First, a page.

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Feast County

Middle Eastern cuisines are flourishing in El Cajon, and we have the scoop on what to try and where

The days are sweeter with baklava tacos from Al Sultan Baklava.

Often the first city that comes to mind when we think East County, El Cajon has developed into one of our region’s more complex communities. On the one hand, “The Big Box” is characterized by classic cars cruising its Main Street every Wednesday night, and by its pride in hometown sports heroes, including auto racing icon Jimmie Johnson, and Padres ace Joe Musgrove.

On the other, thanks to a three-decade influx of Middle Eastern immigration, its box-shaped valley has earned a newer nickname: “Little Baghdad.” An estimated 30 percent of its 105,000 residents hail from abroad, led by Chaldean and Arab Iraqis, followed by more recent thousands fleeing wars in Syria and Afghanistan.

Their contributions have transformed the suburban valley into San Diego’s epicenter for Middle Eastern cuisine. Not every El Cajon restaurant hails from this tradition, but thanks in large part to those that do, there’s never been a better time to eat here.

Tekka at Ali Babba

For going on 20 years, this Arabian Nights-inspired family restaurant has introduced Iraqi fare ranging from lamb shank quzi to lamb offal pacha. But Ali Baba’s standouts are also its most accessible dishes: beef, chicken, and sumptuous lamb kababs, which are long strips of seasoned ground meat. The charcoal-grilled skewers featuring hunks of meat go by the name tekka.

Masgoof at Nahrain Fish & Chicken Grill

Despite the name, the modest Masgoof at Nahrain Fish & Chicken Grill eatery wins its fans by roasting fish and fowl in a clay tandoor oven, in particular the Iraqi whole fish preparation, masgoof. In the style of San Diego’s beloved fish markets, customers may peruse a glass counter filled with fish and decide which will wind up on their plates. Popular choices include red snapper and striped bass, but it’s worth remembering the word Nahrain translates to “two rivers.” For freshwater fish traditionally associated with the Tigris and Euphrates, choose carp.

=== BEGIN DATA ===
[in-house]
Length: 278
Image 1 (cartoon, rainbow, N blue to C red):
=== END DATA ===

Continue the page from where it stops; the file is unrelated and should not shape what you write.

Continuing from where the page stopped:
Makkliyah at Mal Al Sham: The Taste Of Damascus

This Syrian kitchen at Mal Al Sham: The Taste Of Damascus is dominated by a pair of shawerma rotisseries, and skewered meats on the menu likewise reinforce the link between Arab and Mediterranean cuisines. For something more distinctly Syrian, look to the kibbeh makkliyah: fried dumplings stuffed with seasoned ground beef and crushed walnuts. Better yet, if you have 30 minutes to spare, wait on the grilled version: kibbeh mashweeyeh.

Salad at Crafted Greens

It’s not al halal in El Cajon. This scratch kitchen at Crafted Greens on Jamacha Road embraces modern terms such as grass-fed, organic, free-range, and sustainable. That said, the keys to Crafted Greens’ success are its myriad salads, flatbreads and hot sandwiches loaded with house-made dressings and vibrant produce sourced from California farms.

Baklava Taco at Al Sultan Baklava

Not to be confused with downtown El Cajon’s stylish baklava bakery Sultan Baklava, Al Sultan sits farther east, just off Jamacha Road. This Turkish dessert specialist offers little to look at beyond bare walls, meaning all eyes are on its rich phyllo-dough pastries, decadently soaked in honey and simple syrup, stuffed with ground nuts, and perhaps drizzled with chocolate.

Phở at Grandpa Táo Kitchen

Another of El Cajon’s refugee populations recently scored a win with his new restaurant devoted to Vietnamese fare, alongside a limited assortment of sushi. But reason number one to pay attention is Grandpa Táo Kitchen‘s phở menu. Whether based in chicken or beef stock, they’re made fragrant thanks to long hours steeped with clove, onions, and star anise—and the best noodles east of the 15.

By Ian Anderson

Based in San Diego, Ian Anderson writes contemplative features about food, drinks, travel, and culture. On the side, he authors left coast road trip guidebooks, and is currently at work on a collection of autobiographical essays, Stories from Before We Were Connected. He did not form British prog rock band Jethro Tull in 1967.

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